After filling the hard-drive of our eight-year old computer, we decided it was time for something new. Instead of taking the easy route and ordering a new one through a manufacturer like Dell or HP, my husband decided to order the parts and make it himself. I ask you, what could be more fun for an engineer than to assemble a computer himself?!
Even better when it becomes a father-daughter weekend project when the little miss, to no one’s surprise, insists on helping. We’re all about transforming everyday activities into learning experiences in our household. David started assembling the computer the night before and then set aside a few simple tasks for the toddler to help with.
About the computer:
David wanted a super fast processor with a great graphics card. I insisted we think about energy efficiency. So we swapped out our over-sized desktop cpu for a more petite case and traded our old screen for a larger, energy-star qualified, LED monitor.
- Antec ISK 300-65 Desktop Computer Case
- ASRock H67M-ITX Motherboard
- Patriot Memory ‘Sector 5′ G Series 4GB
- Western Digital 500 GB Mobile Hard Drive
- Intel Core i3-2100T Dual-Core Desktop Processor
- LG Super-Multi Slim Blu-ray Combo Drive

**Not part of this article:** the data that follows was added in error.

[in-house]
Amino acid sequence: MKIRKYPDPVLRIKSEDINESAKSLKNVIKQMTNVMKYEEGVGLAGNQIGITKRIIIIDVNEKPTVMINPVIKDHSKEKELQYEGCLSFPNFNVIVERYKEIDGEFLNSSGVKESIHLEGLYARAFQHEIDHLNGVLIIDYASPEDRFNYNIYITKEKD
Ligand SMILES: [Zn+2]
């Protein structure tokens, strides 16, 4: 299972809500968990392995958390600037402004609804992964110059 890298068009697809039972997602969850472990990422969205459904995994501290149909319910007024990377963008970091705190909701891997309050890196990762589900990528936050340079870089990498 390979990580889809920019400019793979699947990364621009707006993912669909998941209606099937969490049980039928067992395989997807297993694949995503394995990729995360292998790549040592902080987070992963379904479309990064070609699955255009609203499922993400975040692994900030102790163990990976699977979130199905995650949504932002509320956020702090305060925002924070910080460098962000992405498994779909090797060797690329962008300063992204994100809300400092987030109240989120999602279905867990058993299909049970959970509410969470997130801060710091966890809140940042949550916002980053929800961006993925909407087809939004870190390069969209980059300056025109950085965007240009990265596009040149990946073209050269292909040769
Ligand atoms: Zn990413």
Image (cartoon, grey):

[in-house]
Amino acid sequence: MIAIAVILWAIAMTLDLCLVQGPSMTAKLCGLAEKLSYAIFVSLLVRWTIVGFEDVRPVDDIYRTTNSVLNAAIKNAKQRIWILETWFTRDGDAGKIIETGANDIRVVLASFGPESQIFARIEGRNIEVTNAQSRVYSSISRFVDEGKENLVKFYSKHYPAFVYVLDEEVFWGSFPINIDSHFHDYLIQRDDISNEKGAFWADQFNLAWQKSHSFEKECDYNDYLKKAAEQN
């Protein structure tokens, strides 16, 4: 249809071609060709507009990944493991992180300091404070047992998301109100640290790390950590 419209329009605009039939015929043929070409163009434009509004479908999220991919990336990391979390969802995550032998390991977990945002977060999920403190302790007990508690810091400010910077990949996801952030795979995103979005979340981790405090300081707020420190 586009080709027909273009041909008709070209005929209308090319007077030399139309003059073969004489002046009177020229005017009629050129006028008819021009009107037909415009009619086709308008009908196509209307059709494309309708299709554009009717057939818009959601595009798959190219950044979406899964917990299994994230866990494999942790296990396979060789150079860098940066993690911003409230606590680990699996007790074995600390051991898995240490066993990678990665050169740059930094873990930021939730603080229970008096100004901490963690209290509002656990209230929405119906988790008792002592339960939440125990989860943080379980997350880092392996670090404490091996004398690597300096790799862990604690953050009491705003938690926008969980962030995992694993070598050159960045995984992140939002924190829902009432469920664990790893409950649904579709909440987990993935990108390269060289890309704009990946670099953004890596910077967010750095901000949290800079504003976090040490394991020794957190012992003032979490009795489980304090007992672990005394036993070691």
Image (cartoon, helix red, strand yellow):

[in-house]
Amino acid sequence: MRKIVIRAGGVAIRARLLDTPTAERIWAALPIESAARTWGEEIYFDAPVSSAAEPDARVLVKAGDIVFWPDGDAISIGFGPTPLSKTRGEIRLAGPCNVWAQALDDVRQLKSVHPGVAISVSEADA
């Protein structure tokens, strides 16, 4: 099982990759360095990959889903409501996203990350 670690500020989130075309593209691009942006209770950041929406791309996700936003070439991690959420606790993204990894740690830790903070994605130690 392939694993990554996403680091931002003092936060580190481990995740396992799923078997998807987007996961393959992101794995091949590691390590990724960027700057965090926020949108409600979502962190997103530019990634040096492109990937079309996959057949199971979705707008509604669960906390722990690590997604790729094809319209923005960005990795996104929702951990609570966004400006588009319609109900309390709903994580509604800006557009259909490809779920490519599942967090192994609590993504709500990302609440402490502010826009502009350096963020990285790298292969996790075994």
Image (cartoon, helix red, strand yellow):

- Microsoft Windows 7 Home Premium SP1 64-bit
- Samsung 27-inch LED Monitor
- HDMI Cable
Inspired by Jeff Atwood’s computer written about here.
Concerned about potentially exposing your child to lead while building a computer? There’s no need to be worried. Each piece in this computer is RoHS compliant (circled in the photo, above) meaning it’s been manufactured without lead (also mercury, cadmium, and other substances). (See that sticker symbol with RoHS on it? Each computer component has a sticker like that.) Having your kids wash their hands before and after working on the inside of the computer may still be a good idea because of dust and other small particles, but you need not be concerned about lead exposure. (Love living with an engineer who can tell me about things such as these!)